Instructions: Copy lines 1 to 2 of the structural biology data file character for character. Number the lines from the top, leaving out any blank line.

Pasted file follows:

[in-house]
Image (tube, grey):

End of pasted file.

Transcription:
[in-house]
Image (tube, grey):